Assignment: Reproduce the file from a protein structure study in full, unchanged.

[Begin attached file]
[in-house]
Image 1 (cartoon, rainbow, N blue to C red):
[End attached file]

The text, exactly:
[in-house]
Image 1 (cartoon, rainbow, N blue to C red):